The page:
When you are charged for theft in Canada you will be left with a criminal record. This means that the theft charge will show up on your criminal record if you try to obtain a job, rent property, travel, or anything else that requires a criminal record check.
Because theft is considered a crime of moral turpitude, having a theft charge on your criminal record could lead to you being denied entry at the United States border and you will be required to obtain a US Entry Waiver to be readmitted.
If you are charged with theft of a vehicle, however, the process works a little differently. Through this article, we are going to touch on the consequences of vehicle theft and the process it takes to get a pardon for vehicle theft.
Types of Theft
Most theft charges are broken up into two categories, theft over $5,000 and theft under $5,000. Theft under $5,000 is considered a summary offence and theft over $5,000 is considered an indictment offence – summary offences having less severe consequences and indictment offences having more severe consequences. However, there are other types of theft and theft-related offences such as possession of stolen property, theft of telecommunications, and the subject of this article, theft of a vehicle.
Vehicle Theft in Canada
When you are charged with vehicle theft in Canada, it is similar to theft over $5,000 and carries similar penalties. This means that if someone was caught stealing a vehicle they would be charged with an indictable offence and could face prison time. However, when someone steals a car, the vehicle does not require a valuation to decide if the vehicle is over or under $5,000. Vehicle theft contrasts with joyriding, with the arresting officer at the scene deciding whether to lay a joyriding charge or a theft of $5,000 charge based on the scenario.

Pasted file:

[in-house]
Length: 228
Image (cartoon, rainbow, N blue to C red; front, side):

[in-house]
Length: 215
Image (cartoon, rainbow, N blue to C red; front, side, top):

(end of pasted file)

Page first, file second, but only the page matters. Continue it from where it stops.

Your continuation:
If the charge was considered joyriding, the driver of the vehicle would face a summary offence. Joyriding consists of someone taking a vehicle with the intention of driving, using or operating it but then return it to the owner. Joyriding also applies to someone unlawfully gaining entry into a vehicle but not driving it.
Gaining a Pardon for Vehicle Theft in Canada
If you have been charged with vehicle theft in Canada, the process for obtaining a pardon to have it removed would work the same as it would for any indictable offence. You will have to wait a total of 10 years after completing your conviction, including paying any fines, serving a sentence in jail, or any other court-mandated task you have been assigned before applying for a pardon.
If you have been charged with joyriding, it is treated as a summary offence and you will have to go through all of the same procedures as any summary offence. You will have to wait 5 years after finishing your sentence and all that it entails before applying for a pardon.
If you were caught trying to steal a vehicle, you could end up with either a summary or an indictable offence. Either way, you will have a blemish on your criminal record that will make day to day life harder than it should be. One mistake shouldn’t be the end of your life, get a pardon and move on with your life.
If you have an indictment or summary conviction that is affecting your life, with things such as job and apartment hunting or travelling and would like to get your life back on track, Pardons Canada has years of experience in getting Canadians pardons. Our team of professionals can help you through the pardon application process and help you move on with your life. Call 1 (800) 543-2137 today for professional assistance with Canadian federal pardons and waivers.Social tagging: car > car theft > pardon > record suspension > theft